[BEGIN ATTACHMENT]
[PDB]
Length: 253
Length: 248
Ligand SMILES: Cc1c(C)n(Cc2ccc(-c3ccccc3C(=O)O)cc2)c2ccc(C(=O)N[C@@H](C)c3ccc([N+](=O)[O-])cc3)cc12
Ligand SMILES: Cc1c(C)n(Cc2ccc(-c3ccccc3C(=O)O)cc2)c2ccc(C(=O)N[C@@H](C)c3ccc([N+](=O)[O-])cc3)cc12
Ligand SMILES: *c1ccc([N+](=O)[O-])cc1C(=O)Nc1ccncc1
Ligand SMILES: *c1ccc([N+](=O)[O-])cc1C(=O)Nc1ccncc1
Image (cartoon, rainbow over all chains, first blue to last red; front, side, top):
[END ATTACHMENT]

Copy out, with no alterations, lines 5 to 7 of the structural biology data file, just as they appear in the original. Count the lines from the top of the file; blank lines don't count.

Ligand SMILES: Cc1c(C)n(Cc2ccc(-c3ccccc3C(=O)O)cc2)c2ccc(C(=O)N[C@@H](C)c3ccc([N+](=O)[O-])cc3)cc12
Ligand SMILES: *c1ccc([N+](=O)[O-])cc1C(=O)Nc1ccncc1
Ligand SMILES: *c1ccc([N+](=O)[O-])cc1C(=O)Nc1ccncc1